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College Football Bowl Schedule Leaves Much To Be Desired

ARLINGTON, TX - DECEMBER 05:  Pierre Allen #95, Barry Turner #99 and Jared Crick #94 of the Nebraska Cornhuskers tackle Colt McCoy #12 of the Texas Longhorns at Cowboys Stadium on December 5, 2009 in Arlington, Texas.  (Photo by Ronald Martinez/Getty Images)
Ronald Martinez/Getty Images
Jordan McGrawContributor IDecember 7, 2009

Every top ten team is in a BCS Bowl game.

 

An SEC team and Texas, the consensus picks for the National Championship, are in the BCS National championship game.

 

Not one, but two "BCS busters" are in a BCS game.

 

Yet still, something feels off. Something feels not quite right. Something feels....unexciting

 

Maybe it's because my school, Texas Tech, is playing in the Alamo Bowl against a 6-6 Michigan State team who just suspended ten players.

 

Maybe it's because the national championship involves a team I can't really stand versus a team from a conference I can't really stand, making cheering either way feel a little dirty.

 

Maybe it’s because Texas is backing its way into the championship game after a somewhat controversial one point win over Nebraska. Though putting one second on the clock WAS the right call, a win by the Cornhuskers would have created BCS chaos and likely would have moved Texas Tech up a spot in the bowl selection process.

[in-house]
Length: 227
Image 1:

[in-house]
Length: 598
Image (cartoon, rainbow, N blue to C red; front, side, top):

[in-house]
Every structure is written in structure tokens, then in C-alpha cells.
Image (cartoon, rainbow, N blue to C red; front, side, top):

Maybe it's because the two BCS busters, Boise State and TCU, get to prove their worth against....each other? Not getting to see either team play a BCS conference school is an absolute letdown, despite the fact that the Fiesta Bowl participants make a pretty intriguing matchup. But we've already seen Boise v. TCU. Last year.

 

Maybe it’s because Cincinnati never even stood a chance at appearing in the title game. Sure, Texas and Alabama is the matchup most of America would love to see, but so is Colts vs. Saints in the Super Bowl, the only difference is they will have to PLAY the WHOLE way there. Sure, you can argue that Cincinnati gets a chance (unlike Boise State or TCU) to prove that they were legitimately shafted by the system by playing the same Florida team that Bama just housed on a neutral field. But even if the Bearcats were to beat the Gators by a score similar to the one of this year's SEC championship, it is highly doubtful that they move ahead of the BCS title game winner in the polls.

 

Maybe it’s because, like every year it seems, one of the BCS bowls is going to be spent watching somebody beat up Ohio State.

 

Sure, there are some great matchups out there. Nine bowl games are between ranked teams. But for every Champs Sports Bowl (#15 Miami vs. #25 Wisconsin), there's a Gator Bowl (#16 West Virginia vs. 6-6 Florida State). For every Capitol One Bowl (#12 LSU vs. #13 Penn State) There's an Alamo Bowl (Texas Tech vs. Michigan State)

 

Much like the regular season, which featured few true upsets, few matchups between ranked teams, and few inner conference games that really meant anything, the bowl schedule leaves much to be desired. At least on paper.

At least for now.

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